On this side of the ocean, she has many supporters and people who share her passion to educate every last child, boy or girl. She has become the voice for millions of the voiceless around the globe, and for this she is to be commended. She deserved to be honored.
Less deserving is our warmonger president, a past recipient of the Nobel Peace Prize, for ordering the deadly drone campaigns in Pakistan and for killing innocent men, women and children in many countries throughout the world.
I scratch my head in confusion, questioning the credibility of the prize itself. Or perhaps Orwell’s narrative has finally caught up to us and the new motto has secretly become War is Peace.
Malala will tell you that a good education eradicates the evils of oppression. My hope is that one day soon she will proudly lead us all on a path of peace.
Failing to address our real problems
As Congress contemplates dealing with the financial crisis, dare we hope that consideration for all the people will lead to a just and equitable solution guided by the real needs of the economy and not by the greed of Wall Street?
To hold hostage such successful programs as Social Security, Medicare and Medicaid while indulging corporations with huge tax cuts is unconscionable. These handouts and the unlimited funding of the military do not lead to job creation, but tend to amplify economic problems.
No confidence in Congress
In 2008 and again in 2012, many believe that an uninformed voting bloc elected a president who has done and said many unexpected things. Soon after he was elected, an uncompromising Congress passed the Affordable Care Act, with the admonition of the unpopular Nancy Pelosi, who said, “We have to pass the bill so that you can find out what’s in it.”
Public furor over this was unanticipated; however, its implementation may already be an unstoppable, speeding freight train. Unwilling to accept the Affordable Care Act as law, critics took it to the Supreme Court which, though it had to be unnerving, ruled the act legal.
After 40 failed attempts to repeal the act, the opposition used an unconventional method, connecting the defunding to the extension of the federal debt ceiling, knowing that doing so might unseat them the next election.
When asked for clarification, many members of Congress became unavailable for comment. So while avenues to a permanent solution remain unopened, and the uncontrollable new program is having an uncomfortable beginning, we unlucky citizens who will be fined if we are unable to buy insurance are saying: “This is unbelievable. How can so many unqualified people be serving in Congress? How long can both parties hold to unalterable positions?”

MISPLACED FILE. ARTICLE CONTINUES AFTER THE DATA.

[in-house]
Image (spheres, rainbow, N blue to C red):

When all is said and done, most of us will be unhappy with some aspect of the act. Our doors of opportunity may never be unlocked. Our dreams for the good life will be unreachable. It is getting harder and harder to have an unswerving faith in this country. What an unappetizing mess.
Heavy hand of the park district
With the coming elections in November, Metro Parks is once again asking the average taxpayer to support its cause. While the park system has provided some very nice places to spend time, it has also adamantly turned its back on other interests that the district should support.
A park should be a place where a variety of activities can be enjoyed, not just the preservation of nature. In 2010, the park system threw out the Corsair Model Aircraft Club, which had occupied a very small section of land located next to the Summit County fairgrounds.
This organization had been there since the early ’70s, and has provided a safe place to fly model airplanes in a well-kept area. The park system claimed that the club did not fit its mission. The park system said that it was going to build a walking trail there, and the model planes would create a safety hazard.
With over 125 miles of hiking trails spread around the county, there was no need to spend taxpayers dollars to build another trail just to toss out the Corsair club. If the park system with all its land cannot accommodate a variety of interests, its requests for support should be denied.
Paul J. Connor